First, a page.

Russian Satellite Debris Poses Hazard

NASA is carefully tracking some 500 pieces of debris from a Russian intelligence satellite that may pose a hazard for the international space station. The satellite exploded in March; another piece of it broke apart in June.

In recent days, a couple of pieces looked like they might come close enough to the international space station to prompt an evasive maneuver, says Gene Stansbery, of NASA's Johnson Space Center, who helps track debris. Further tracking, however, indicated the debris would pass at a safe distance.

This model of Russian satellite has a history of occasional and peculiar breakups.

"They undergo these mysterious spasms," says Jonathan McDowell, an astronomer at the Harvard-Smithsonian Center for Astrophysics. "And what's unusual about this latest one is that there's so much debris — much more than in any previous explosion of a satellite of this type."

The satellites, known as EORSATs — Electronic Ocean Reconnaissance Satellites — have been in use since the 1970s. Some analysts believe the satellites are used to track U.S. Navy ships from their radio transmissions.

Most analysts believe the breakups are intentional, McDowell says. The initial explosion seems to happen when the satellite is within range of a Russian tracking station, "which leads one to imagine that it's them sending a radio signal going 'blow up now,'" McDowell says.

McDowell says the subsequent breakups may be due to residual fuel igniting.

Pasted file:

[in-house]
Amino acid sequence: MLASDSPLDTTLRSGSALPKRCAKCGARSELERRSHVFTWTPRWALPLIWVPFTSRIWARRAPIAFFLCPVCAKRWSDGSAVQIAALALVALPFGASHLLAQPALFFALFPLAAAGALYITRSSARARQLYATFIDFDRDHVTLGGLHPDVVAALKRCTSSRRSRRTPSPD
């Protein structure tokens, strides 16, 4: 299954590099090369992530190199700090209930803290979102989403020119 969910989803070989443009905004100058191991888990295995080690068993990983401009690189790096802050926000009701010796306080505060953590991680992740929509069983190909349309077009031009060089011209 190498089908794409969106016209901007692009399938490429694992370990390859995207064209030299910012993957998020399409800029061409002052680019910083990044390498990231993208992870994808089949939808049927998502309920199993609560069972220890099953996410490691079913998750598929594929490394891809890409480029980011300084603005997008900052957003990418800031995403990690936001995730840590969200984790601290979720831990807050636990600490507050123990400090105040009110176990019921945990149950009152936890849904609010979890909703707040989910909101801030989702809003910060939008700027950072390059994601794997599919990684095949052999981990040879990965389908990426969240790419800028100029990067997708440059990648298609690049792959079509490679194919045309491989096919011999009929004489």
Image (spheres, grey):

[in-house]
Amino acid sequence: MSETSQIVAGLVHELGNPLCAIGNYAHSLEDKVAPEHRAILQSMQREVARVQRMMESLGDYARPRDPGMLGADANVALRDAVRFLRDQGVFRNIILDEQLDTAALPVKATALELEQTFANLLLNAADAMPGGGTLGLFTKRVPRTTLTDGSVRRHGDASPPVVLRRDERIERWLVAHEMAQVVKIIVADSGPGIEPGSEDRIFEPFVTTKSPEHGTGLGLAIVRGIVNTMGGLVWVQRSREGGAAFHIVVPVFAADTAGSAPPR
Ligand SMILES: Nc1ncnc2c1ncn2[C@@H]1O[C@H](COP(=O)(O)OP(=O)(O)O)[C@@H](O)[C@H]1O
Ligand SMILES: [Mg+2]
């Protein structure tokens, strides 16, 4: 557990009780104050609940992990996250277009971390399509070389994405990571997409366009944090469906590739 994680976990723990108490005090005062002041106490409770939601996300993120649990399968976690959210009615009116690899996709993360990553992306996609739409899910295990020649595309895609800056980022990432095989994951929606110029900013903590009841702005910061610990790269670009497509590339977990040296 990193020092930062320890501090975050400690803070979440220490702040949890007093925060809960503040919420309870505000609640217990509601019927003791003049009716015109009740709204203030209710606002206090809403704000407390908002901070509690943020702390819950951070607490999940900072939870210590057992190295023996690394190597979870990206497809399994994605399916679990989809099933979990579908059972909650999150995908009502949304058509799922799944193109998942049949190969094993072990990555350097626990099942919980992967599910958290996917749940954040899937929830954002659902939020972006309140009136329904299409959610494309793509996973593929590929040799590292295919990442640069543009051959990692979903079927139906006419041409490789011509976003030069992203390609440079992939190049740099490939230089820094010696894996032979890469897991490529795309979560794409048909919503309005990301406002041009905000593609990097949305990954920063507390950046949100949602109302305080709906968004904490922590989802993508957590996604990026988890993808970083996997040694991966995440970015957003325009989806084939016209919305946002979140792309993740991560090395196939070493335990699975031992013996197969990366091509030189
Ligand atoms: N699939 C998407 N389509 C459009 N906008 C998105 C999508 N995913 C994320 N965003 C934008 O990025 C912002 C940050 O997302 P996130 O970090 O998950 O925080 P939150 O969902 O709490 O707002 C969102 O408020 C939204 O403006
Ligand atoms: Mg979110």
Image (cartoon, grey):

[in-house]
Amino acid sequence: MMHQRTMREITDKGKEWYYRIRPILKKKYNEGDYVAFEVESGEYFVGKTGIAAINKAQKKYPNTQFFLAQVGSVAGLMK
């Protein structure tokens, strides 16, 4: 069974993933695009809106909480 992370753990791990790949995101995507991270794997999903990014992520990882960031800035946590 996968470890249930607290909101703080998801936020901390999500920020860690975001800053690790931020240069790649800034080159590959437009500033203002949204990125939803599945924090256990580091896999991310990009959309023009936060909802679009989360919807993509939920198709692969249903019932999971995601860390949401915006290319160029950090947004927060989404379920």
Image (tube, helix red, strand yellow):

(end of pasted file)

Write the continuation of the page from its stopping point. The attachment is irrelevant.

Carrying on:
Stansbery says NASA has contacted Russian officials in the past about the occasional messy breakups of these satellites, but hasn't received a response. Russia is a major partner in the international space station.

The 500 pieces being tracked are at least a couple of inches in size, Stansbery says. He says the debris cloud probably also includes smaller bits that the network can't track.

"In those cases, you don't have any warning if one would come close" to the international space station, Stansbery says, though the risk from those pieces is low.

Stansbery says he's heard the Russians are retiring this model of satellite. The Russian Embassy did not return a call seeking comment.

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Correction July 17, 2008

Initially, the Web version of this story misidentified the affiliation of Gene Stansbery. He is with NASA's Johnson Space Center.

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